Both pilots received verbal instructions before they left and they were to fly for 45 minutes on instruments each. F/O Roy was under the hood first, with Sgt. Whelan acting as safety pilot in the front seat. At the end of 45 minutes, they changed places. The aircraft took off at 10:05, landed, changed places at 1050 and took off again at 1050 hours. The plane was noted overdue by 1215. “Immediately, all efforts possible were made to contact the aircraft by R/T. Upon failing to do so, S/L Michalski organized a search consisting of two Hudson aircraft which were sent to search for this aircraft,” stated F/O H. M. O’Hair (C12546), Flight Commander 128 Squadron, Sydney, Nova Scotia. He rated the pilots’ abilities as follows: “average in ability and both steady, clean living boys. P/O Roy had not any previous crash to my knowledge but Sgt. Whelan had had one crash in a Hurricane aircraft. Both should have been competent to cope with any situation…an exhaustive search has been carried out with varying numbers of aircraft ever since Harvard 2891 was missing and no trace has been found.” The two pilots who flew Harvard 2981 prior, F/O William Gould and his brother, LAC Gould, and stated that the aircraft was serviceable “in all respects. Its radio was exceptionally good. I did not use the compass on this trip, but I did use it on the 25th of April on a flight to Dartmouth and found it accurate.” The third witness, Mr. L. A. Hillgartner, meteorologist, RCAF Station, Sydney, NS stated that carburettor icing was possible but not probable. “Weather maps and forecasts are provided for pilots making cross-country flights or on patrol. Forecasts and maps are not provided for local flight such as this case although the Squadron Commander or the pilot himself has generally checked up on the weather for that day.” The fourth witness, P/O G. E. Anderson, C13526, Officer in charge of Servicing Squadron, Maintenance Wing, RCAF Station, Sydney, NS stated “It is a complete mystery to me [as to the probable cause of Harvard 2891 failing to return] as the aircraft was in a serviceable condition on take-off.” The fifth witness, F/L C. D Donaldson C14268, Medical Officer stated that Sgt. Whelan “in March 1943 was given a B2 examination. He was then in good physical and mental health…In March 1942, at No. 8 SFTS, he was hospitalized for five days, diagnosis urethritis non-specific. He was discharged to duty. He has had no further service record of illness or disease. P/O Roy from our medical records, was in good physical and mental health. He has no service record of hospitalization…There is nothing to suggest that these pilots were unduly fatigued at the time of their last flight.” The first witness, F/O O’Hair was recalled and stated that the aircraft’s compass was “last swung to the best of my knowledge about three months ago.” The tenth witness, S/L W. J. Michalski, C1584, Deputy Controller, RCAF Station, Sydney, NS said that in his opinion what could have caused the accident was “Firstly, very poor map reading. Without prejudice to any pilot, it seems to me as if the pilots in fighter squadrons have a superiority complex. It is therefore suggested that for safety’s sake, that all fighter pilots report their positions over twenty minutes on either Control Tower frequency or fighter control frequency. This also pertains to local flying. May it be pointed out that since May 21, 1942, Sydney H/F D/F Station has been in use and we have been experimenting insofar as homing of fighter aircraft to their Sydney Base on frequencies 3017.5 and 4777.5. As yet, it is not very satisfactory, but improvements are being made to give full cooperation to the fighter aircraft. Until such time as the fighter Sector Control will be fully equipped and be able to plot and control fighter aircraft, the Station BR Controller will govern fighter aircraft excepting in the case where Tactical exercises are being carried out with the Fighter Control Sector.”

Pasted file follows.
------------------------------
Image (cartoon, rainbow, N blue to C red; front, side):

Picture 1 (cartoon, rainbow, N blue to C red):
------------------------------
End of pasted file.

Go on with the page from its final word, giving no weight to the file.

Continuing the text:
“CIRCUMSTANCES: Alternating instrument flying exercise. Aircraft landed for pilots to change seats. Immediately took off and did not return. The exercise should have been confined to a radius of 30 miles. CAUSE: Obscure. P/O Roy and Sgt Whelan were on active service carrying out Air Force duties and were flying Harvard 2891. Took off at 13350 hours from RCAF Station, Sydney, NS are missing and must presumed dead.”

FINDINGS OF THE COURT: “the finding of the investigation officer is can curd in. It is noted, however, that the aircraft was being controlled by the tower, whose R/T transmission on 3017.5 is known to be of much shorter range than transmissions on 4777.5 by fighter control. It therefore seems that there was bad organization on the part of Sydney station in not changing over to fighter control as soon as the aircraft was airborne. It is also noted that there was apparent negligence concerning the compass; there were no deviation ____, the compass log was lost and it appears that the compass had not been swung for at least three months. The failure to maintain R/T communication was not the cause of the accident but if communication had been maintained, the pilot might have been able to send out an SOS which would have led to his being found. If the compass was faulty, this may have had some bearing on the accident, although it seems unlikely as the flight was supposed to be strictly local. The station is being required to account for both of these apparent failures.”

Marie died February 25, 1945, leaving ReJeanne, aged 2 years and 8 months with her maternal grandmother, Mrs. Philomene Fournier, Petit Roche Nord, Glouchester County, New Brunswick. Mrs. Fournier wrote to the Deputy Minister, Mr. E. F. Steele, requesting an allowance to help support herself and granddaughter, as Mrs. Fournier was a widow.

In May 1948, Mrs. Landry, Normand’s adoptive mother wrote a letter to the Department of National Defence in Ottawa requesting that she be able to visit him at Saint-Jean-de-Dieu. “He has been missing for five years and I have not seen him since. A lady who has been to the hospital to visit another patient told me that he was there and that she had seen him. So, I went to the hospital, and they told me to write to you for a pass.” She received a reply. “I am sure that this is not correct as there has been no information concerning P/O Roy, his companion on the flight, or the aircraft since they took off from the Station at Sydney, NS…Unfortunately, there is no information that Pilot Officer Roy is confined to this hospital.” She was asked to provide the name and address of the woman who provided the erroneous information.

In late October 1955, Mme Frank Landry received a letter, in French, informing her that since Normand had no known grave, his name would appear on the Ottawa Memorial.